An industry survey has found women have been less likely to make voluntary superannuation contributions born from a lack of confidence and guidance when planning for retirement.
Fidelity International managing director Alva Devoy said the “Fidelity Financial Independence – January 2022” marked a decrease in the number of women making voluntary contributions despite life factors including unpaid parental leave, reducing their retirement funds.
“In a previous study we asked women ‘what do you think you need to retire relative to men’ and what women thought they needed to retire was around the $600,000 mark. Yet women are out of the market longer and require saving because they are actually living longer [on average],” Devoy revealed.
According to survey participants, 55 per cent of women contributed zero monies to their superannuation compared to 44 per cent men.
The genders revealed a 5 per cent difference with regard to their willingness to contribute 10 per cent or more of their income into super. But an overall analysis from Fidelity noted the average amount contributed from women was not equal to their male counterparts.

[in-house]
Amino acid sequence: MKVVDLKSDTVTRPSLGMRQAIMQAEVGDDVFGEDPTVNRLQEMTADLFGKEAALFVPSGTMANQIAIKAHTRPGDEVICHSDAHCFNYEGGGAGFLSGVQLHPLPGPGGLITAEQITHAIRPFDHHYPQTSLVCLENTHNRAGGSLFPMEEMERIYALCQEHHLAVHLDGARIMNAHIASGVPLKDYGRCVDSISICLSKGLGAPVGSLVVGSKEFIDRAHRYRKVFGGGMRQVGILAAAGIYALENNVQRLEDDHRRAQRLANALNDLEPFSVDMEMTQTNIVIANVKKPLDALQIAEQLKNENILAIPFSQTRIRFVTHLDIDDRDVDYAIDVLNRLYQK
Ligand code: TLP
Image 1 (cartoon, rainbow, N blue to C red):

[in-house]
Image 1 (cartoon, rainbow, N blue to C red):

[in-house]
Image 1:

Devoy observed 33 per cent of female participants indicated they did not feel ready for retirement and had not made regular contributions to their super while only 18 per cent of men surveyed expressed a similar sentiment.
“[Women are] less likely to plan – just think about that it in terms of your own personal life – if you’re not feeling comfortable and capable, you will procrastinate. You’re not feeling that you can make the first step, which is all any of us have to do in order to be better, and that is something that we, in the financial services industry, have to do,” she said.
“There is a significant opportunity for the finance and investment industry in Australia to step up and do more to support women in this goal. Around one in two women say that investment communication is complicated, and one in four describe it as intimidating.”''